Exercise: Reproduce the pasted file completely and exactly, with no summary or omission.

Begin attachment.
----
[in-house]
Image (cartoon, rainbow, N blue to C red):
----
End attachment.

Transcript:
[in-house]
Image (cartoon, rainbow, N blue to C red):